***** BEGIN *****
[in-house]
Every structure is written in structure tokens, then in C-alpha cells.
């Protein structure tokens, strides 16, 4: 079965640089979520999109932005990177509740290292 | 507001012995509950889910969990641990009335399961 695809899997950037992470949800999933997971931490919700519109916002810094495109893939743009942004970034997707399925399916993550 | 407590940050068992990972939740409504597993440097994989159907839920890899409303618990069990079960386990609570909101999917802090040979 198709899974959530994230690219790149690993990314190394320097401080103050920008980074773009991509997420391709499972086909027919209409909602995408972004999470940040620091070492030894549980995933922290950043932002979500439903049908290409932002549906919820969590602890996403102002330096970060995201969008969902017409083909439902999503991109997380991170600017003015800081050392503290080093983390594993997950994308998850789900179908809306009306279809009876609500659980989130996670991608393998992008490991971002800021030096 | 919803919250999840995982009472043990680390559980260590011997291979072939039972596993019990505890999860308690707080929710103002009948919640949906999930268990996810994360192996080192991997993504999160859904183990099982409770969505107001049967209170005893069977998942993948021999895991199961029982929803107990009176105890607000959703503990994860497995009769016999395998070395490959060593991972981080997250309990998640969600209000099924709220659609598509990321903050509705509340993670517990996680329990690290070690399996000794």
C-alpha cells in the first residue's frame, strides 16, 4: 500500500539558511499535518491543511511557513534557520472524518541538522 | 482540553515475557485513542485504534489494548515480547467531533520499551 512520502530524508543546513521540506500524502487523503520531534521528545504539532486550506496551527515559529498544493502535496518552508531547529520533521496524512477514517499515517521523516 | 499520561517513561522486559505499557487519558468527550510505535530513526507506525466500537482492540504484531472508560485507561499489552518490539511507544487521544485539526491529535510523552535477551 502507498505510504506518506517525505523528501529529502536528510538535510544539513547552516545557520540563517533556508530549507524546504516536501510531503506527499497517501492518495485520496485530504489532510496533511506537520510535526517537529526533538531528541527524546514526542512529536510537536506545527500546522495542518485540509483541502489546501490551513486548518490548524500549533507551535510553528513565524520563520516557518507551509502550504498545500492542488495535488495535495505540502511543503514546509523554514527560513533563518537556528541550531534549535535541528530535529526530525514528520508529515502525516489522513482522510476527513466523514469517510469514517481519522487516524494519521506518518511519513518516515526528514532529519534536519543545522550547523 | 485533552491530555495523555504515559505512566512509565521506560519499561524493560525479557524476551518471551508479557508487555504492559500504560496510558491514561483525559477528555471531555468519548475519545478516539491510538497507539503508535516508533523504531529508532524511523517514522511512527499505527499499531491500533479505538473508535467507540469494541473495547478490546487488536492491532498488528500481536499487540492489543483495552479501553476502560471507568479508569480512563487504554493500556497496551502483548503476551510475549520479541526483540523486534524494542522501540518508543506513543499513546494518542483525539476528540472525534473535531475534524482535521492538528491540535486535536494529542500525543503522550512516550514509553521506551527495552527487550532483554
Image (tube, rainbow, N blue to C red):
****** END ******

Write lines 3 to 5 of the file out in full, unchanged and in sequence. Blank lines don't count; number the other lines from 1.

């Protein structure tokens, strides 16, 4: 079965640089979520999109932005990177509740290292 | 507001012995509950889910969990641990009335399961 695809899997950037992470949800999933997971931490919700519109916002810094495109893939743009942004970034997707399925399916993550 | 407590940050068992990972939740409504597993440097994989159907839920890899409303618990069990079960386990609570909101999917802090040979 198709899974959530994230690219790149690993990314190394320097401080103050920008980074773009991509997420391709499972086909027919209409909602995408972004999470940040620091070492030894549980995933922290950043932002979500439903049908290409932002549906919820969590602890996403102002330096970060995201969008969902017409083909439902999503991109997380991170600017003015800081050392503290080093983390594993997950994308998850789900179908809306009306279809009876609500659980989130996670991608393998992008490991971002800021030096 | 919803919250999840995982009472043990680390559980260590011997291979072939039972596993019990505890999860308690707080929710103002009948919640949906999930268990996810994360192996080192991997993504999160859904183990099982409770969505107001049967209170005893069977998942993948021999895991199961029982929803107990009176105890607000959703503990994860497995009769016999395998070395490959060593991972981080997250309990998640969600209000099924709220659609598509990321903050509705509340993670517990996680329990690290070690399996000794």
C-alpha cells in the first residue's frame, strides 16, 4: 500500500539558511499535518491543511511557513534557520472524518541538522 | 482540553515475557485513542485504534489494548515480547467531533520499551 512520502530524508543546513521540506500524502487523503520531534521528545504539532486550506496551527515559529498544493502535496518552508531547529520533521496524512477514517499515517521523516 | 499520561517513561522486559505499557487519558468527550510505535530513526507506525466500537482492540504484531472508560485507561499489552518490539511507544487521544485539526491529535510523552535477551 502507498505510504506518506517525505523528501529529502536528510538535510544539513547552516545557520540563517533556508530549507524546504516536501510531503506527499497517501492518495485520496485530504489532510496533511506537520510535526517537529526533538531528541527524546514526542512529536510537536506545527500546522495542518485540509483541502489546501490551513486548518490548524500549533507551535510553528513565524520563520516557518507551509502550504498545500492542488495535488495535495505540502511543503514546509523554514527560513533563518537556528541550531534549535535541528530535529526530525514528520508529515502525516489522513482522510476527513466523514469517510469514517481519522487516524494519521506518518511519513518516515526528514532529519534536519543545522550547523 | 485533552491530555495523555504515559505512566512509565521506560519499561524493560525479557524476551518471551508479557508487555504492559500504560496510558491514561483525559477528555471531555468519548475519545478516539491510538497507539503508535516508533523504531529508532524511523517514522511512527499505527499499531491500533479505538473508535467507540469494541473495547478490546487488536492491532498488528500481536499487540492489543483495552479501553476502560471507568479508569480512563487504554493500556497496551502483548503476551510475549520479541526483540523486534524494542522501540518508543506513543499513546494518542483525539476528540472525534473535531475534524482535521492538528491540535486535536494529542500525543503522550512516550514509553521506551527495552527487550532483554
Image (tube, rainbow, N blue to C red):